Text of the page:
Continued at source: Southern California Public Radio: http://www.scpr.org/programs/offramp/2017/04/14/56179/the-secret-home-abortion-movement-started-in-la-tw/

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The History of Outlawing Abortion in America

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The History of Outlawing Abortion in America

Livia Gershon March 10, 2017

For years, it’s been getting harder for American women to access abortion services as clinics have closed and state laws have raised barriers to getting these procedures. In coming years, the Supreme Court may move closer to overturning Roe vs. Wade altogether.

The first time abortion was criminalized in the United States was in the mid-nineteenth century. Nicola Beisel and Tamara Kay write that a key factor in the anti-abortion arguments of that time was that too many native-born white women were ending their pregnancies, opening the door for the country to be overrun by fertile foreigners.

Continued at source: Jstor Daily: https://daily.jstor.org/the-history-of-outlawing-abortion-in-america/

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Frank Sinatra’s mother provided illegal abortions for Catholic Italian women

Feb 9, 2017
Goran Blazeski

It was December 12, 1915, when in an upstairs tenement in Hoboken, New Jersey, 19 years old Dolly Sinatra gave birth to a boy. It was not an easy or short delivery, and the baby almost died during the birth. The baby had to be removed via forceps that ripped his cheek, neck and especially his ear.

The doctor thought that the boy would not survive, but he was wrong, and he miraculously did survive. The scars remained for the rest of his life, but that didn’t stop this boy from becoming one of the most popular and influential musical artists of the 20th century. That boy was Frank Sinatra.

Continued at source: Vintage News: https://m.thevintagenews.com/2017/02/09/frank-sinatras-mother-provided-illegal-abortions-for-catholic-italian-women/

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At 16, My Mom Flew to Japan Alone to Have an Abortion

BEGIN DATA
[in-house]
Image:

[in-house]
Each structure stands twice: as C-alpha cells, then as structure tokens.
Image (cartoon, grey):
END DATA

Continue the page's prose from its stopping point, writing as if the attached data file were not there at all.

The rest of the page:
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At 16, My Mom Flew to Japan Alone to Have an Abortion
By Alexis Cheung
Feb 6, 2017

In 1966, my mother flew from Seattle to Japan, alone, to have an abortion. She was 16. It’s strange, as a daughter, to wish you could protect your mom from something that happened so many years ago. But as aggressive rollbacks on women’s health care ensue, with Trump reinstating the Global Gag Rule and nominating a judge to the Supreme Court who could pose a severe risk to women’s reproductive rights, her experience no longer seems so far-fetched. My mother’s abortion was a footnote in an otherwise expansive and fulfilled life — a life, of course, enabled by her decision. This is her story in her own words.

When [my period was] two weeks late, I went to the doctor because my cycle was usually like clockwork. I knew right away that I was pregnant, within six weeks. I bypassed our family doctor and went to another GP. She was the only female doctor in town [Everett, Washington, about an hour from Seattle]. I thought because she was a woman that she’d be able to relate to me, but instead she confirmed the pregnancy and said, “Whatever you do, don’t get an abortion.” At that time, abortion wasn’t legally available where I lived. So my boyfriend and I — thinking there was no alternative — thought we had no choice but to have the baby.

Continued at link
Source, New York Magazine: http://nymag.com/thecut/2017/02/at-16-my-mom-flew-to-japan-alone-to-have-an-abortion.html